2005 Mitsubishi Outlander
Debuting a few years after the start of the new millennium, the first-generation Mitsubishi Outlander was a late arrival to the small-SUV segment. Like many of its peers, it had a car-based design that had good handling and a comfortable ride on paved roads, but limited off-road capability. With so many competitors, Mitsubishi tried to set the Outlander apart with distinctive styling and a sporty demeanor.
Compared to popular models from Honda and Toyota, however, the older Outlander models offered less interior space, and their breathless four-cylinder engines failed to live up to Mitsubishi's sporting image.
These problems were addressed in the larger second-generation Mitsubishi Outlander, which gained a third-row seat option and an available V6 engine. Even so, the Outlander still lives in the shadows of its more successful contemporaries, whose reputations for overall quality and reliability are well-known to consumers. In spite of its lower profile, the second-generation Outlander is a competitive small SUV. It has the available all-wheel-drive system, high driving position and versatile cargo space consumers have come to expect in this segment, and sets itself apart with distinctive styling, advanced technology and a lively personality.
The 2005 Mitsubishi Outlander compact crossover SUV is offered in three trim levels - base ES, midgrade SE and luxury-themed XLS - with power provided by either a 2.4-liter four-cylinder (168 horsepower), or a 3.0-liter V6 (220 hp). Four-cylinder Outlanders are outfitted with a continuously variable transmission (CVT), while six-cylinder models feature a six-speed automatic with manual shift mode.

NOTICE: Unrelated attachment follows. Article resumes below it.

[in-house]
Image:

The ES comes with the basics, including full power accessories, a CD player and a lot of safety features. The SE adds 18-inch wheels, keyless ignition and entry, sport seats, a 650-watt Rockford Fosgate stereo and satellite radio. Step up to the XLS and you'll get a third-row seat, automatic climate control, a six-CD changer, sliding second-row seats and Bluetooth. Other feature highlights, depending on trim level, include a back-up camera and a navigation system with a 40GB hard drive to store music files.
Outlanders come with either front-wheel drive or AWD. Notably, the advanced AWD system has three settings, including a fuel-saving two-wheel-drive mode, an all-weather four-wheel-drive Auto mode and a 4WD Lock mode, which locks the front and rear axles together for maximum traction in extreme conditions.
The 2005 Mitsubishi Outlander has its energetic V6 engine as well as its family-friendly design and moderately sporty handling. Negatives include a ride quality that may be too stiff for some and interior controls that still lack the solidity of the switchgear in Honda and Toyota offerings. Overall, buyers seeking value, style and fun-to-drive characteristics in a package that doesn't sacrifice daily usability will find the Mitsubishi Outlander a solid contender.